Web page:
Welfare reform: capping truth, benefiting from spin
"The problem with the truth is that it’s complicated. Lies are simple, they can be altered to fit any audience, they can be sensational without any boring honest bits to dilute the story. Honesty doesn’t make headlines. That’s the problem with the Welfare Reform Bill..."
So begins a fine article (do read all of it) on HullRepublic analysing why, how and where the misleading elision between soundbites, spin, fact and truth occurs. It also looks at the groundbreaking path blazed by the Spartacus Report (*.PDF).
Nowhere has the gap between appearance and reality seemed greater in the past few weeks than in relation to the generic welfare cap of £26,000 per household enshrined centrally in the otherwise excessively long and complicated WRB - which contains many other questionable or damaging proposals, too.
The government has sought to portray their top-slicing cap (entirely misleadingly) as a "fair proposition" that nobody should receive more on out-of-work benefit than the average amount earned by someone in work. It is a matter of "not allowing the working poor to suffer at the expense of the benefit-claiming poor", as a Conservative MP astonishingly put it this morning.
There is so much wrong with this statement and it's "fair' corollary, it's difficult to know where to begin.
As a soundbite inducing people to believe that the cap issue is simple, that it's about ensuring that "scroungers don't cheat ordinary hard working people" (as one tabloid commenter interpreted the statement), it has proved devastatingly effective, we should note. The reason the government can cite opinion polls to show that "the public supports a benefit cap" is that a vast number of people, misinformed by the government's allies in the tabloids, have not thought beyond this simplistic conclusion. And the details are undeniably complicated.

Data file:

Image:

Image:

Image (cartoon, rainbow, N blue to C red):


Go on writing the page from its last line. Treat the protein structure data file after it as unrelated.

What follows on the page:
Encoded in the pro-cap message is the implication that benefit-recipients are all out of work (factually wrong), that they are free-loaders (the vast majority have been, are or will be taxpayers), and that they are carelessly taking money off others through the state (actually the cap will barely cut the overall government budget and will cost local councils and communities more money).
In addition that MP's soundbite divides the working and the non-working poor; fails to acknowledge that some families will have needs over the arbitrary cap imposed; does not mention that individual benefits are already capped; ignores the idea that benefits should be based on need not block limits; avoids tackling the many examples of deprivation such a cap will inflict on thousands of people; and fails to recognise that reducing families’ benefits will not automatically get them get into work - whereas additional support and available jobs will. (See the Free Churches' Joint Public Issues Team briefing)
Indeed, when it comes to benefits, it seems that the government suddenly develops an interest in the low-paid - because they can be used as a weapon against the unwaged. But when it comes to axing public sector posts, squeezing investment, cutting job schemes, slashing local authority budgets, pressurising pay downwards and other employment-harming consequences of austerity economics (a strategy which Nobel Prize-winning economist Joseph Stiglitz calls a 'suicide pact' among certain European governments), suddenly both the working poor and the 2.8 million currently denied jobs are conveniently and effectively forgotten. All the blame must go on benefit claimants.